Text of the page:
Analytic Theory

Marzena Szymanska

Prof Szymanska's research interests include far from equilibrium quantum collective phenomena; Dissipative and driven quantum systems; Light-matter systems; Quantum condensation and superfluidity; Semiconductor microcavities, excitons, polaritons; circuit and cavity QED systems; ultra-cold atomic gases and Feshbach resonances.


The behaviour of a few particles can have important ramifications for how a system of many particles behaves.
At its most fundamental level, classical physics considers liquids as being made up of atoms, ions or molecules that swirl and flo
One and a half centuries after its introduction into science, the concept of entropy still has the capacity to mystify.
Stripes are apparently ubiquitous in nature.

Andrew G. Green

Prof Green is interested in the equilibrium and out-of-equilibrium strongly correlated quantum systems. This encompasses fundamental properties of natural and manufactured materials, the effort to harness quantum mechanics for information processing, and the overlap of the latter with machine learning. He uses a range of tools, including analytical and numerical techniques drawn from quantum field theory and tensor networks.  

Sanjiv Sharma

Research in the group falls broadly into the area of bioanalysis with a particular focus in the following areas:Biosensors: We are producing sensors based on both optical and electrochemical signal transduction schemes for applications in personal healthcare, bioreactor monitoring and clinical diagnostics. These biosensors often exploit engineered proteins.Protein Engineering: Although proteins have been widely used in bioanalysis many of their properties are not optimally suited to this application.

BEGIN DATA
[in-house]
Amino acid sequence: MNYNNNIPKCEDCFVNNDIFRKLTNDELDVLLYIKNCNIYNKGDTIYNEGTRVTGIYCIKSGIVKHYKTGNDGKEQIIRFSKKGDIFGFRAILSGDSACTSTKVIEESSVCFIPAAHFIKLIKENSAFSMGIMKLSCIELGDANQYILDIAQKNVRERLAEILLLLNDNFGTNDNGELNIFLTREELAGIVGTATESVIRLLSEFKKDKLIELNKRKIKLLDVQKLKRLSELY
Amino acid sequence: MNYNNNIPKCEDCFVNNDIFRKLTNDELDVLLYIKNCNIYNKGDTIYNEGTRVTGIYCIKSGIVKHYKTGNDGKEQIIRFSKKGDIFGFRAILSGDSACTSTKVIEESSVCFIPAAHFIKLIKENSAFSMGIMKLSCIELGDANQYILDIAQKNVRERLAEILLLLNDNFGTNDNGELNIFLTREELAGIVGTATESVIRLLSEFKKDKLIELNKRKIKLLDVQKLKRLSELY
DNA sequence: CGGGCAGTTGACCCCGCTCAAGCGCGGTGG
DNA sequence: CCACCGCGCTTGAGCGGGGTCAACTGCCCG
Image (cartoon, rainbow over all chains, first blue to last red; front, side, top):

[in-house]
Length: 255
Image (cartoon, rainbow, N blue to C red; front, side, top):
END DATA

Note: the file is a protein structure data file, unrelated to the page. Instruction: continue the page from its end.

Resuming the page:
Arash Mostofi

Materials lie at the heart of almost every modern technology and our research is dedicated to the application and development of theory and computational simulation tools for solving problems in materials. We develop and use methods at a wide range of length and time-scales, combining analytical theory, quantum mechanical first-principles simulations of interacting electrons and nuclei, atomistic simulations that use simpler models of interatomic bonding, coarse-grained molecular dynamics and Monte Carlo techniques.

Sophia Yaliraki

The Yaliraki group is interested in the emergent properties of self-assembling systems in confined environments. Examples from biology include the mechanisms of fibril and viral capsid formations. Another area of interest is the electronic properties of molecular scale junctions. A unifying theme of our work is how geometry and topology affect the dynamics of systems at different scales. Emphasis is on coarse-graining and system reduction approaches.

Adrian Sutton

Professor Sutton is a materials physicist who applies fundamental physics to understand and predict the structure and properties of materials of technological significance. His interests are at the interface between condensed matter physics and materials science. His work involves theory spanning classical and quantum mechanics, elastic field theory of defects and their interactions in solids, transport of atoms, electrons and heat in solids, thermodynamics and statistical mechanics, electronic structure and interatomic forces.